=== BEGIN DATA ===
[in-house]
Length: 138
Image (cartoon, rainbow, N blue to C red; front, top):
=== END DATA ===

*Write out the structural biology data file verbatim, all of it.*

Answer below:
[in-house]
Length: 138
Image (cartoon, rainbow, N blue to C red; front, top):